Kresta in the Afternoon – July 11, 2019 – Hour 2

+  Do Smartphones Make Us Smarter?

  • Description: Smartphones give us round-the-clock access to the internet, providing us with a constant stream of sounds, images, videos and information that no other generation has experienced. Are we better off because of it? How does it impact our relationship and imagination? We’ll talk with Elijah John.
  • Segment Guests:
    • Elijah John
      Elijah John is a priest in Oregon who writes under this pen name as a connection to the prophets. He’s the author of Imagination Gone Wild
  • + Resources Mentioned Available in Our Store:

    • Imagination Gone Wild

      Are you addicted to your television, computer or phone? One of the biggest temptations in the modern world is to be attached to a smartphone, the internet or other tech devices. We have all heard what what the smartphone and the internet are doing to people's lives - from the news reports of teens staying up all night on their phones, to men and women of all ages addicted to pornography, to people who are burning out on social media. The problem we face has never been seen throughout the history of man. The fruits from a constant diet of images are beginning to be made manifest. People are beginning to struggle because their smartphone is their only companion. Many have left reality for the imaginative world and do not know how to get out of it. Others are so led by the imagination that their emotions and reason are slowly dying. This book will help you to break free from the screens and find God and reality. You will begin to understand how our culture of images began, how our imagination quickly became overloaded and affected our relationships, psychology and spirit. Imagination for many has been drowned in pornography, the new drug and health hazard. Do not fear. With the help of God and facing reality, you can begin to mortify your imagination and face the present moment. This book is a simple read and the truths you will begin to understand will help you to no longer remain enslaved to the screens. (learn more)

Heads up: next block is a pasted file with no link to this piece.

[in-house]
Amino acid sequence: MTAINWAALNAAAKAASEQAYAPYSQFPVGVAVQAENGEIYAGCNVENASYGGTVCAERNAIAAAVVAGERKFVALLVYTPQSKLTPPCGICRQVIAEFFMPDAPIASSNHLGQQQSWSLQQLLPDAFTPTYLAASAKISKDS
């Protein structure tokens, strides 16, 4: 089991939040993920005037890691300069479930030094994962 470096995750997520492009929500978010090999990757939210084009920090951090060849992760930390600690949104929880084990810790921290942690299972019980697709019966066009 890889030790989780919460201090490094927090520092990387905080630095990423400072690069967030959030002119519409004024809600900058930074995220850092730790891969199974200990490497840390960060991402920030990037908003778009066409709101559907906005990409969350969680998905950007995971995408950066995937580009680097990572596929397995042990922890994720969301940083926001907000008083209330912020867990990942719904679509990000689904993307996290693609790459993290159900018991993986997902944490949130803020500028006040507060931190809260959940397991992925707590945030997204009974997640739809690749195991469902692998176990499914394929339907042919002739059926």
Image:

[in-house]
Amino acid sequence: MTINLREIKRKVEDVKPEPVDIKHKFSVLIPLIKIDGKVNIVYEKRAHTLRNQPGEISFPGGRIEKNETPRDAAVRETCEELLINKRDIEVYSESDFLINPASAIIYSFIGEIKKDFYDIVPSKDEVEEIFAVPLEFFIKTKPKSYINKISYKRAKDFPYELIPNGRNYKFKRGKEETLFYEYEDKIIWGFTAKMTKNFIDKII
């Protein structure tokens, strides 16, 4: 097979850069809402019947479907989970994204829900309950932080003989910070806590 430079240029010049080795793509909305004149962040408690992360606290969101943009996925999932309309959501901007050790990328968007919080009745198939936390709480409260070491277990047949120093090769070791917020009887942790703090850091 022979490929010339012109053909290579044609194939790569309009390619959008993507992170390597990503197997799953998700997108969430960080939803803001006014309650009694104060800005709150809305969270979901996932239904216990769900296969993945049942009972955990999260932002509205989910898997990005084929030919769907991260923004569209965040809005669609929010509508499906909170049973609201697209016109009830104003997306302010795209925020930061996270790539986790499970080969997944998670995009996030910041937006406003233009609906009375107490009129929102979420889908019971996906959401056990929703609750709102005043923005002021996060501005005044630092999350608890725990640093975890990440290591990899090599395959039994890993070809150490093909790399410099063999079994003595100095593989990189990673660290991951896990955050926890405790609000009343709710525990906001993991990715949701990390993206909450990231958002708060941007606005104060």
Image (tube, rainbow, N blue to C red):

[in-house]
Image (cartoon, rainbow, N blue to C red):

+  Christian Fidelity in a Fractured World (2 segments)

  • Description: Common life in our society is in decline. How did this happen? Can it be fixed? Jake Meador joins us looking at how our common citizenship in a heavenly city, rather than economic or political alliances, tells a story that can help us truly work together for the common good.
  • Segment Guests:
    • Jake Meador
      Jake Meador is the author of In Search of the Common Good: Christian Fidelity in a Fractured World. He's vice president of the Davenant Institute and the editor in chief of Mere Orthodoxy, an online magazine covering the Christian faith in the public sphere. He lives with his wife and children in his hometown of Lincoln, Nebraska. Visit mereorthodoxy.com.
    • Resources:
  • + Resources Mentioned Available in Our Store:

    • In Search of the Common Good: Christian Fidelity in a Fractured World

      Common life in our society is in decline. Our communities are disintegrating, as the loss of meaningful work and the breakdown of the family leave us anxious and alone―indeed, half of all Americans report daily feelings of loneliness. Our public discourse is polarized and hateful. Ethnic minorities face systemic injustices and the ever-present fear of violence and deportation. Economic inequalities are widening. In this book, Jake Meador diagnoses our society's decline as the failure of a particular story we've told about ourselves: the story of modern liberalism. He shows us how that story has led to our collective loss of meaning, wonder, and good work, and then recovers each of these by grounding them in a different story―a story rooted in the deep tradition of the Christian faith. Our story doesn't have to end in loneliness and despair. There are reasons for hope―reasons grounded in a different, better story. In Search of the Common Good reclaims a vision of common life for our fractured times: a vision that doesn't depend on the destinies of our economies or our political institutions, but on our citizenship in a heavenly city. Only through that vision―and that citizenship―can we truly work together for the common good. (learn more)

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